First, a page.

NVIDIA DLI Releases New Accelerated Computing Teaching Kit

The NVIDIA Deep Learning Institute (DLI) recently released the latest version of the Accelerated Computing Teaching Kit. NVIDIA Teaching Kits are complete course solutions for use by educators in a variety of academic disciplines that benefit from GPU-accelerated computing. 

The new modules were developed in collaboration with University of Delaware Professor Sunita Chandrasekaran and University of Illinois at Urbana–Champaign (UIUC) Professor Wen-mei Hwu.

DLI Teaching Kits are available to qualified university educators interested in course solutions across deep learning, accelerated computing, and robotics. Educators can integrate lecture slides, hands-on labs with sample solutions, GPU cloud resources, and more into their curriculum.

“It is critical for the next-generation workforce to be up-to-date with the newer concepts and techniques of CUDA as they learn about scientific applications and massively parallel computing architectures,” Chadrasekaran said.

Here’s a snapshot of the what’s covered in the new modules: 

  • Unified Memory:  Learn how to simplify GPU memory management and teach students additional CUDA paradigms such as memory oversubscribing.
  • Dynamic Parallelism: Show how the application enables GPU threads to launch kernels resulting in nested parallelism (versus traditional flat, bulk parallel programming models).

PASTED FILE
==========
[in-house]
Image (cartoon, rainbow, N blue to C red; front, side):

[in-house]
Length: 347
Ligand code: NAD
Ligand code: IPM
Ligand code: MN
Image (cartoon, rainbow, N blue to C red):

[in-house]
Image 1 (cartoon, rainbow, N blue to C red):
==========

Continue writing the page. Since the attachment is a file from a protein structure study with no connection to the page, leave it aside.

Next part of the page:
• Multi-GPU:  Explore paradigms like OpenMP for multi-GPU coordination. This is critical for students as more systems become equipped with “fat” nodes, i.e. a single node consisting of multiple GPUs.The module also offers other techniques and strategies students can leverage for multi-GPU programming.  
  • CUDA libraries: Covers libraries such as cuBLAS, cuSOLVER, cuFFT and Thrust, which form an integral part of modern GPU programming and often interoperate with CUDA and other programming models including OpenMP and OpenACC.

Other additions to the Accelerated Computing Teaching Kit include new lab exercises and slide decks for teaching Pinned Memory, Breadth-First Search (BFS) algorithms, and profiling with NSIGHT (which replaced NVPROF in CUDA 10).

“The new content in the updated Teaching Kit reflects several new advancements in GPU Computing,” Hwu said. “ It has been a pleasure working with the NVIDIA teams that have provided excellent insight and content to the educator community.”

To learn more about the DLI Teaching Kits visit the Teaching Kits homepage on our developer portal. Additionally, read how university educators are pulling NVIDIA Teaching Kits into their classrooms